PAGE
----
On November 17, 2021, the Swedish parliament voted to adopt new budget rules as part of a broader amendment containing changes in how the parliament operates. The amendment, which among other things amends the Budget Act (Budgetlagen (SFS 2011:2013), provides that a budget can be extended provisionally if the parliament has not adopted a new budget for a specific budget appropriations area within a week of the new budget year.
Specifically the amendment states:
If the parliament has not decided on budget appropriations for a specific purpose a week before the start of the following budget year, the government may, to the extent necessary, adopt measures in order that the most recent budget shall apply, including any changes decided by the parliament, until the parliament can decide on budget appropriations. (11 kap. 1 § Budgetlagen (2011:203), as amended.)
Under current rules, the budget may be provisionally extended (9 kap. 5 § Regeringsformen [RF](SFS 1974:152) (Instrument of Government) (Swedish Constitution).) However, it is unclear whether the government may take measures to have the budget apply before the new budget year starts. The amendment to the Budget Act therefore specifies that the government may issue regulations and instructions to have the budget extended before the new budget year starts.
The amendment also includes an amendment to the Parliamentary Act (Riksdagsordningen (201:801)) that changes the deadline for when the government must present its budget to the parliament. Under current rules, the government must deliver its budget proposal to the parliament no later than September 15 each year but provides for special provisions during election years. (Tilläggsbestämmelse 9.5.1 Riksdagsordningen.) During election years, a new government must present a budget within three weeks after the opening of the parliament, whereas a sitting government must present its budget within two weeks. In both cases, the deadline to present the budget is no later than November 15. Under the new rules, in years when there is an extraordinary or ordinary election in August or September, a newly elected government will have three weeks from the date it assumes office to present its budget to the parliament, while a sitting government will have three weeks from the date of the parliamentary vote to reelect the government to present its budget. However, in any case, the government is not required to present a budget before September 20. Moreover, in years when November 15 falls on a Friday, Saturday, or Sunday, the budget must be delivered by the preceding Thursday — that is, on November 14, 13, or 12.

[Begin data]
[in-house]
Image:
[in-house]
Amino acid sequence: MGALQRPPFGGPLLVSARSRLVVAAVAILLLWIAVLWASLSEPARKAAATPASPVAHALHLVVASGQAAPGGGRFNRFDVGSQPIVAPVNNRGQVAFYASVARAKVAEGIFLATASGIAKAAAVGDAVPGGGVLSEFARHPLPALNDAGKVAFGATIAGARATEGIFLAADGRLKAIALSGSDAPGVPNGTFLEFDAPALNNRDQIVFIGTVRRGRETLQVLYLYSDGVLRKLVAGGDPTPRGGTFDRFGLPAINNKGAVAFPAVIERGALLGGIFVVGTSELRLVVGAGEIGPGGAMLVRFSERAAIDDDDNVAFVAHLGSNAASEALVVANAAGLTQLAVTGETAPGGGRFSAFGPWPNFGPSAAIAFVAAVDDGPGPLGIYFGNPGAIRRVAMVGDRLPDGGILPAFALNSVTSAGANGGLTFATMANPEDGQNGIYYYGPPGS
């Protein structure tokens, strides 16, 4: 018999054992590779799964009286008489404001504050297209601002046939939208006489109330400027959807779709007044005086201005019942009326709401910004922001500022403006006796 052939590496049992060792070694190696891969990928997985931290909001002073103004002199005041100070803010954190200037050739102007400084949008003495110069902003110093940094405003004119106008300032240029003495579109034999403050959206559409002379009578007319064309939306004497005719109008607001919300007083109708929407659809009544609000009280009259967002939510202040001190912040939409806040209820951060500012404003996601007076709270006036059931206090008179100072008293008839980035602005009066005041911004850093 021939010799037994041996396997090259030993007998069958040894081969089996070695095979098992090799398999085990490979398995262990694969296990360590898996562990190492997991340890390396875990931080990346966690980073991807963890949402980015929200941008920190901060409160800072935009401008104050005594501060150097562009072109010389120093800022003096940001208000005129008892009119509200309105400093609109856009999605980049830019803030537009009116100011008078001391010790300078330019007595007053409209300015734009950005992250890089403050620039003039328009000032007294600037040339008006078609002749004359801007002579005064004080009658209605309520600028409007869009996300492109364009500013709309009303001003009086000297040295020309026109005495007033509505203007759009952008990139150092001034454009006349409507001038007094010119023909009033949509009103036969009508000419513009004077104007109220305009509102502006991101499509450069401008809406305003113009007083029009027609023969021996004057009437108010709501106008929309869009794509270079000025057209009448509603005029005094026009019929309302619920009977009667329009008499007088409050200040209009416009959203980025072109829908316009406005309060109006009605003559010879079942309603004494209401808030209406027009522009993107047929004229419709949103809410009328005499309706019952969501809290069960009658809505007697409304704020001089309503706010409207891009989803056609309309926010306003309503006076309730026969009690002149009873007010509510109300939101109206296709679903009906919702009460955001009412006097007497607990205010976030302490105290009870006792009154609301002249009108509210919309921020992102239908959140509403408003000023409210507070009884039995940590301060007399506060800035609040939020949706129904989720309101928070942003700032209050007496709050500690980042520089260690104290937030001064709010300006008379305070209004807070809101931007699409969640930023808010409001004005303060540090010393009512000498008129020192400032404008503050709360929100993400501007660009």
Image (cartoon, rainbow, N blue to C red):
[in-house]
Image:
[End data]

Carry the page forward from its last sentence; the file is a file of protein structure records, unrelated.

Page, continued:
Background to the Budget Changes
The amendment came only a few days before the budget vote of November 24, 2021, when the opposition parties’ budget amendment was approved instead of the sitting government’s proposal.
In recent years, the Swedish parliament has been faced with unusual budget scenarios as a result of differing majority-requirement rules for electing a government and adopting a budget. A prime minister need not have support by a majority in the parliament to be elected; rather, he or she is elected unless a majority of the members of the parliament vote against him or her. (6 kap. 3 § RF.) Thus, in theory, a prime minister can be elected with only abstention votes, as long as the votes against do not meet the threshold of 175. For a budget to pass, however, normal majority rules apply, meaning the budget must receive more votes in favor than against. Since 2014, the sitting government has had to govern using the opposition’s budget three times.The new rules take effect on January 1, 2022.